(Full disclosure: We once traded some names with a strategic partner in order to complete a joint project. Another time we did a test mailing on behalf of an advertiser, but we controlled the mailing and the list remained confidential, as will always be the case.)

Email Addresses

Your email address is critical for us to maintain your subscription as it is the only cost-effective way to contact you if we need to verify or update your mailing information. As such, we are not able to accept and maintain subscriptions without email addresses. This SOP is essential to follow.

Just as with inquiries for our mailing list, we field requests to sell our database of email addresses. We have never done this and we never will – even though this, too, is an SOP and another potential revenue source. We are also asked to do email blasts to subscribers.

We have never done this, either, but it is an option under consideration. If we do pursue this, be assured that the number of such messages would be strictly limited and their content carefully screened.

Again, we would retain total control over the email addresses, and recipients would have the option to quickly opt out at any time. This SOP can’t be dismissed, as the trade magazine industry as a whole is migrating towards the Internet.

Trade Shows and Conventions

Most trade magazines promote and operate a complementary annual trade show or convention; it is a final SOP worth discussing. These events reportedly represent up to 40 percent of a magazine’s annual revenue. As such, they make for an attractive pursuit.

This too, has been a consideration – and request – for Connections Magazine. However, there are already several industry associations with their own events that focus on the teleservices and outsourcing call center arena. It is our preference to work with these organizations as appropriate — you will note coverage of their events in these pages throughout the year.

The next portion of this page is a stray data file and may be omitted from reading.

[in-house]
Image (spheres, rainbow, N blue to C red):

Whether it’s a call center, a trade magazine, or another business, be cognizant of that industry’s SOP. Follow it whenever you can, and deviate from it when you must; just be sure to know the reasons why you do what you do and the justification for it. After all, SOPs are “Standard” for a reason.

Read more in Peter’s Sticky Series books: Sticky Leadership and Management, Sticky Sales and Marketing, and Sticky Customer Service featuring his compelling story-driven insights and tips.

Peter Lyle DeHaan, PhD, is the publisher and editor-in-chief of Connections Magazine, covering the call center teleservices industry. Read his latest book, Healthcare Call Center Essentials.

By Peter Lyle DeHaan

Author Peter Lyle DeHaan, PhD, publishes books about business, customer service, the call center industry, and business and writing.